iii.      To stick with plants that have trichomes…maybe in an observational study of their habitat, you noticed that they seem to grow trichomes most of the time, but not in the same numbers/density per plant. You do some background checking, and you find that trichomes seem to have evolved for, protection from predators, they protect plants from frost, etc. So you think to yourself, a logical experiment would be do they grow more trichomes in different environments?  Notice, a hypothesis is often called an “educated guess,” therefore; you have reason to think (education) they will grow more trichomes in the outside areas (predators) over inside areas (no predators) (which you decided on from your observations and background checking about plants). HOWEVER, notice your hypotheses…

 

Ho = There IS NO SIGNIFICANT DIFFERENCE between the trichome density of a plant and its environment.

 

H1 = There IS A SIGNIFICANT DIFFERENCE between the trichome density of a plant and its environment.

 

                                                          iv.      It is important to note, you are trying to support your alternative hypothesis by REJECTING THE NULL HYPOTHESIS.  Please don’t ever say you have proved anything.  You are now going to design an experiment to ATTACK that Null Hypothesis. SHOW US THAT YOU HAVE SIGNIFICANT EVIDENCE AGAINST IT.  If you can do this, by definition you will be lending support (not proof) to the alternative hypothesis. So the next question is…HOW STRONG IS YOUR EVIDENCE?

 

Are there any Hypotheses you could generate right now?  Practice writing a H0 and H1

 

 

 

 

 

3)      Experimental Design:

a.       Here’s another fun part…you get to DO SOME SCIENCE. 

b.      First, your experimental design needs to have only ONE VARIABLE that is manipulated (to refer to our plant lab, maybe environment like outside vs. inside).  This variable is called the EXPLANATORY VARIABLE (or the INDEPENDENT variable).

c.       The variable you measure is the RESPONSE VARIABLE (DEPENDENT variable). Now you are looking for an experiment where you impose a treatment…(lots of ways to say this)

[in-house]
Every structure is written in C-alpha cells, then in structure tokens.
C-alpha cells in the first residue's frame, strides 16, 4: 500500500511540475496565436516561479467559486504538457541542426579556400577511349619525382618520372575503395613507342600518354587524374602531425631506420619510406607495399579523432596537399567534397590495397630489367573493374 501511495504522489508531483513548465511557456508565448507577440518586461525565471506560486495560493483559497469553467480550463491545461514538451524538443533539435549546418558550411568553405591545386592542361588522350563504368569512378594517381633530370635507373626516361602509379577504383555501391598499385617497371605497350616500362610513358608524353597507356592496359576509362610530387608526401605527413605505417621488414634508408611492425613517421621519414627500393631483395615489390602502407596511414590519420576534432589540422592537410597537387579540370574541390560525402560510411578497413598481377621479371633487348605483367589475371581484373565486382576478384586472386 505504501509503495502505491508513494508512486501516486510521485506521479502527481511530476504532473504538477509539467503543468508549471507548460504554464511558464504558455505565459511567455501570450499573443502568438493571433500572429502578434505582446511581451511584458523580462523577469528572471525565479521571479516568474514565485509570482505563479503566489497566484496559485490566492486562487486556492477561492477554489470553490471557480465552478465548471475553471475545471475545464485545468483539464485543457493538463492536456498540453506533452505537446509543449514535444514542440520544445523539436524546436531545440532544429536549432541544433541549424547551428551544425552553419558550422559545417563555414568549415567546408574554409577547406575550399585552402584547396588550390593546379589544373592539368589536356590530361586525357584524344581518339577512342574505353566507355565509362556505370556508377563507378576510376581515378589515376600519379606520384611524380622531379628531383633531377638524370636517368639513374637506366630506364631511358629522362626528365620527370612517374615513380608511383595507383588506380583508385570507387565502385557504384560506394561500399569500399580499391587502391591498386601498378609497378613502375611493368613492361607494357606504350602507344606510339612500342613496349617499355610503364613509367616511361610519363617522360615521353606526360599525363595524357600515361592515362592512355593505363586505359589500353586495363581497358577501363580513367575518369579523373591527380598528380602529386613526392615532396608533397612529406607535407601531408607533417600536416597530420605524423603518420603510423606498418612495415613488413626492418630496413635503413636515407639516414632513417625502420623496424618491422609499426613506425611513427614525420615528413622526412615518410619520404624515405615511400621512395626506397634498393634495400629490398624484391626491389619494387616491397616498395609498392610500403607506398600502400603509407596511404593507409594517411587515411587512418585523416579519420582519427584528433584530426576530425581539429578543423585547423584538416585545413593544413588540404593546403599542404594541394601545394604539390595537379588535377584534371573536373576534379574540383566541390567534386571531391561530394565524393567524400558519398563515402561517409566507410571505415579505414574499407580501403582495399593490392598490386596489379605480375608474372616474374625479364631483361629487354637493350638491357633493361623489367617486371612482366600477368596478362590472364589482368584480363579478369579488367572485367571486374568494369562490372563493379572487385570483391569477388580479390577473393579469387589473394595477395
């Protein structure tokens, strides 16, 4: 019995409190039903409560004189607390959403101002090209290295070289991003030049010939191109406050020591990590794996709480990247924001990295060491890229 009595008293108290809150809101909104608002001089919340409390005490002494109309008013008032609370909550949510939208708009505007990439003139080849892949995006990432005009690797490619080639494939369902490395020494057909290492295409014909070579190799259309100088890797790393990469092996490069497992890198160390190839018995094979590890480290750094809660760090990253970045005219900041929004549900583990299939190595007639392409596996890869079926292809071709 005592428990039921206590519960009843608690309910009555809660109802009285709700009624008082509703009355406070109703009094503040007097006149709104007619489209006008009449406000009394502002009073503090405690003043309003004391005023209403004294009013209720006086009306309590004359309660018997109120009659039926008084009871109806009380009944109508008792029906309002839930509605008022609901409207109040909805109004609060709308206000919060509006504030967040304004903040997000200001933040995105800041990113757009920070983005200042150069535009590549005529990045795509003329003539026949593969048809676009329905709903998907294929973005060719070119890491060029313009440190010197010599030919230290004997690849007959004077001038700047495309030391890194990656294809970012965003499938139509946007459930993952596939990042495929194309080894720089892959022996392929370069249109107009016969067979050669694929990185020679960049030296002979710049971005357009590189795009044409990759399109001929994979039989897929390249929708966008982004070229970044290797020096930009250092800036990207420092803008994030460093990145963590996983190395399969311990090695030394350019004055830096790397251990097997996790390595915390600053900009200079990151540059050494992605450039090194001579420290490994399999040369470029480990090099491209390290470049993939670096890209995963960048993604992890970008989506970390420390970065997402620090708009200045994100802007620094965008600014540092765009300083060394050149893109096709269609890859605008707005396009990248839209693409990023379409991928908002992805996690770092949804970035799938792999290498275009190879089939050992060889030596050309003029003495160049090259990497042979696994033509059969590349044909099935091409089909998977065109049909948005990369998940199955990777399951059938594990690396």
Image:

1. EXPLANATORY VARIABLE CAUSES RESPONSE VARAIBLE. 

2. INDEPENDENT VARIABLE CAUSES DEPENDENT VARIABLE

3. X CAUSES Y (which from algebra will lead you right into a graph)

 

d.      To do any of the above, the null hypothesis will state there is NO CAUSE between variables. You want to be able to say I HAVE EVIDENCE TO REJECT THE NULL HYPOTHESIS (and therefore can lend support to the alternative hypothesis that one variable causes the other. Notice I didn’t say prove it).  If you have a good audience during a presentation, someone will ask you, “well how confident are you?”  You will be MUCH MORE CONFIDENT, if you only manipulated one variable.  In fact, the reason why we only manipulate one variable at a time is so that IF we notice a difference in the response variable (or dependent variable or Y – all the same thing), we know that it was CAUSED by the ONE variable that we manipulated. 

e.       SET IT UP! I’m going to let you figure this out, but this includes, what data will you collect?  What variable is being manipulated? You need to think about everything else to this point (see above). What do I already know? What happened in my observational studies to this point?  What data will REJECT MY NULL HYPOTHESIS?  How will I collect that data?  What controls do I need to set up to ensure only ONE VARIABLE is tested?

f.       I left this all rather vague because I want you to figure it out, and because all experimental designs do not need to be identical.  What is the best way to get data to CONFIDENTLY REJECT THE NULL HYPOTHESIS? (see quantitative skills guide if necessary)

 

What should we take into consideration for this experiment?  Variables (DV/IV)? Constants and Controls (not the same things).

 

 

 

 

 

 

 

 

 

 

 

 

 

 

 

 

 

 

 

 

 

4)      Data collection

 

SO WHY DO WE NEED STATISTICS IN BIOLOGY?  WHAT DOES IT DO FOR US?